Jericho Finally Becomes Must-See

Much as I love to rag on bad movies and bad TV, I love it when I'm wrong, too. It seems I was merely too impatient with regards to Jericho when I complained about it back in October -- almost as soon as I posted my litany of problems with the show, the show suddenly started dealing with precisely the kinds of things I thought it should be dealing with. Like getting its characters more worried about the collapse of civilization instead of just the collapse of their love lives.

And last week's half-season premiere (which Jace previewed just before it aired) really ramped up the apocalyptic drama, rewinding to just before the attacks to give us an unexpected insider's view of the multiple nukings and who may be behind them. Ho boy: as if the specter of terrorism with a foreign origin wasn't frightening enough, it seemed last week as if we might be looking more at an Operation Northwoods, a modern version of the secret 1960s plan to stage terrorist attacks on American soil for political reasons.

Or could it be even worse than that? Last night's episode, which revealed that there are six men who've declared themselves president of the United States, have set up six different new capitals, and may be heading toward armed conflict, suggests that perhaps the joint attacks were an attempt to incite civil war ... with "military contractor" (read: Blackwater-style mercenary army) Ravenwood at its core. We've seen that Skeet Ulrich was somehow tied up with them, and that perhaps FBI Guy was undercover in Ravenwood, and so the hints that their stories would be colliding at some point suddenly make a whole lot more sense.

This kind of interpersonal drama is much more intriguing than who's cheating on whom and who's got a secret crush on whom. (If you can tie that kind of thing up in the mystery -- like with FBI Guy's partner/lover showing up in Jericho with a big bad agenda of her own -- so much the better, of course.) How people deal with a world in which "thieves will be strung up" is no idle threat is the stuff I want to see ... and particularly with last night's episode, the characters seem to have started realizing how dangerous this new world is, and that things are not going to go back to the way they were. People are dying from the cold, thanks to the fuel and power shortage. That's bad, but far worse is how basic human decency is breaking down, in ways you might expect ("nice" girls are suddenly getting treated like sexual commodities) and ways you might not: chains on bunk beds in a dorm at the impromptu marketplace Skeet and Co. journey to for trade hint at a new use for slaves and slavery, maybe?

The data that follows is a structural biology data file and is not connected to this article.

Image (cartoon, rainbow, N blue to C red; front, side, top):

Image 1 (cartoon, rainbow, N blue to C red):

Man, am I glad I got my TiVo. The newsboards at that marketplace in last night's episode were well worth a slo-mo look, and added to the sudden, entertaining chill emananting from Jericho. "Northwest power grid beyond repair"? Yikes.

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MaryAnn Johanson

author of The Totally Geeky Guide to The Princess Bride

minder of FlickFilosopher.com